Resurrectionary Reading — and a free book offer (this week only.)

One of my very dear friends, a leader and author I respect very much, is Steve Garber, author of Fabric of Faithfulness: Weaving Together Belief and Behavior (IVP; $16.00) an eloquent, serious, mature work, about how to keep a radical, wholistic faith alive beyond the idealism of young adulthood and over the longer haul of one’s life. In recent years Steve has called together a team of people to work together in what he calls the Washington Institute on Faith, Vocation, and Culture.  He has been working with authors like Amy ShermanSteve has a great afterword in her Kingdom Calling: Vocational Stewardship for the Common Good (IVP; $16.00 ) and Tom Nelson, who wrote Work Matters: Connecting Sunday Worship to Monday Work (Crossway; $15.99) and many other good folks.  They help churches, seminaries, colleges, and para-church groups equip ordinary folks take up their callings in the world, with a sense that vocation is “essential, not incidental, to the missio dei.”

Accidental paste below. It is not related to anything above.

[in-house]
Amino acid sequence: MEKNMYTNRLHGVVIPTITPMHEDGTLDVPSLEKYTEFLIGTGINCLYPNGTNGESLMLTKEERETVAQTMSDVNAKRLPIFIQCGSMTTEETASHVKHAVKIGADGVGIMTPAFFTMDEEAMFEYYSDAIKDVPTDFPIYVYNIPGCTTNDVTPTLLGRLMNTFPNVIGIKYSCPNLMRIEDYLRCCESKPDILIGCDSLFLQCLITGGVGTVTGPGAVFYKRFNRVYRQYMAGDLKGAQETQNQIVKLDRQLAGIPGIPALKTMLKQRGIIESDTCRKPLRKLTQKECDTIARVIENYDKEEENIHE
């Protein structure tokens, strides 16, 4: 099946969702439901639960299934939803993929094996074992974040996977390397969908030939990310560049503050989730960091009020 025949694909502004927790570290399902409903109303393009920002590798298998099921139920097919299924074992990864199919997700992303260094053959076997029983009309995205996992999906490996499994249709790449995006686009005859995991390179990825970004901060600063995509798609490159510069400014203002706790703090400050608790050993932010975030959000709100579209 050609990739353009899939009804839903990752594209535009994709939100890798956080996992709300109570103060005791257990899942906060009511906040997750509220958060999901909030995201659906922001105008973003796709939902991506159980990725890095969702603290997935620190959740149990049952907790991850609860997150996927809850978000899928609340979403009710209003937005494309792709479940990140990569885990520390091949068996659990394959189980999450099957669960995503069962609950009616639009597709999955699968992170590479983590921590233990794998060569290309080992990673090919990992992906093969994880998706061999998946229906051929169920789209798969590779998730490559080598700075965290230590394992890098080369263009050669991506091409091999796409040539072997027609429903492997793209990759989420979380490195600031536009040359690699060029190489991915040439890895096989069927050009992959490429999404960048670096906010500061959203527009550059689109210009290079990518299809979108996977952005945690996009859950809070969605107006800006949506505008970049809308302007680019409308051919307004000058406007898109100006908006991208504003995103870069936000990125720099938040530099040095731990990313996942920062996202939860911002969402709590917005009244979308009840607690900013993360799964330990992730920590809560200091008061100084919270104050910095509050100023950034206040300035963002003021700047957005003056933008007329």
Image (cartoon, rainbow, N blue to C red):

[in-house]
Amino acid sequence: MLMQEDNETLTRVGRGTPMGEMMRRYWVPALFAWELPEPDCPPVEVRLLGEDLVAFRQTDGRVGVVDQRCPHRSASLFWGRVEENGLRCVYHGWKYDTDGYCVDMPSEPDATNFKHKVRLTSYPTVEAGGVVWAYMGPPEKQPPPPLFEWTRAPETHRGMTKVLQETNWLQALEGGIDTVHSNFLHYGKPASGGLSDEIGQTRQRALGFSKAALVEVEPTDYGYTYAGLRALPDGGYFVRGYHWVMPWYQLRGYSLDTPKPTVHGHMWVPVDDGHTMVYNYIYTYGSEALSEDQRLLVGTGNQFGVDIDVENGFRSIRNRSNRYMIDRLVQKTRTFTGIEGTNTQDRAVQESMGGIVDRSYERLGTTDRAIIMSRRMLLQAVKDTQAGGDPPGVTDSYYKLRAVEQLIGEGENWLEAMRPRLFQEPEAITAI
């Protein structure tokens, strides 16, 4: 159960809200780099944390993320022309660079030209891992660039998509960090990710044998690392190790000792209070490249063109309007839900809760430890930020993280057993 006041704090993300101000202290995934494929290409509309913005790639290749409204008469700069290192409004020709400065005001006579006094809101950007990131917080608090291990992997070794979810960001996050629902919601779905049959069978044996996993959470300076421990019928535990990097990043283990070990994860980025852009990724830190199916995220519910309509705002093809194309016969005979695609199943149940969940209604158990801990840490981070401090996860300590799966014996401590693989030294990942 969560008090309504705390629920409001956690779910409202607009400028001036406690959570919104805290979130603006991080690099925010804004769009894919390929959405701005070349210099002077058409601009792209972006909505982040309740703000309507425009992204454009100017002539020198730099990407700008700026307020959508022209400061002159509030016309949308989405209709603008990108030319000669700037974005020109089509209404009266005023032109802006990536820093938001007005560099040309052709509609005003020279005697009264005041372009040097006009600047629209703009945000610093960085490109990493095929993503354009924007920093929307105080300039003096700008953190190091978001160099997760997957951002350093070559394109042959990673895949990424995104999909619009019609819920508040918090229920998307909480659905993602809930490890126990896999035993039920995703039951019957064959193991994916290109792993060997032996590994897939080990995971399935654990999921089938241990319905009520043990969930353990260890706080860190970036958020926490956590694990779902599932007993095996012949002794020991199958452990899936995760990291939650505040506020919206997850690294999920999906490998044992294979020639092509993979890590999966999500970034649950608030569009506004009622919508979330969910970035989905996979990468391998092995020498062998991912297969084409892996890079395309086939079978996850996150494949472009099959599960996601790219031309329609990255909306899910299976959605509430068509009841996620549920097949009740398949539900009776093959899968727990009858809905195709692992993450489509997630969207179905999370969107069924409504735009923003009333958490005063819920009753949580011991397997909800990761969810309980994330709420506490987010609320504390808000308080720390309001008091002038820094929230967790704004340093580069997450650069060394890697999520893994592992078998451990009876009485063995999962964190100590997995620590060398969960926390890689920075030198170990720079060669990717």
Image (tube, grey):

I was delighted when he asked me to write a piece for their website on the relationship between reading and the resurrection.  I suspect he liked the alliteration, but he also knows that, as I try to spell out below, the cross and resurrection have vast, all-of-life implications. In many ways, this is the raison d’etre for our bookstore, to provide resources as we talk about these things.

So, for this Easter BookNotes post, I’d like to share the piece which I wrote for the Washington Institute, which they graciously published last week.  First I spell out the biggest picture I can of the implications of redemption — think N.T. Wright’s Surprised by Hope: Rethinking Heaven, the Resurrection, and the Mission of the Church (HarperOne) or Al Wolter’s Creation Regained: The Biblical Basis for a Reformational Worldview (Eerdmans) or even the recent, profound work of James K.A. Smith Desiring the Kingdom and Imagining the Kingdom (Baker Academic.)  Nearer the end of my essay, I mention the need for what I call “resurrectionary research” and suggest a strategic plan of resurrectionary reading groups.  I cite one small booklet, one that in very helpful ways reminds us of this missional vision of being life-long learners, and gives some guidelines for developing the mind of Christ and how to use books as tools to help be better fit for God’s Kingdom in this post-Chrisitan culture. The book is Your Minds Mission by Greg Jao (IVP; $4.00.) Now is a prefect time to read it. Let me tell you why.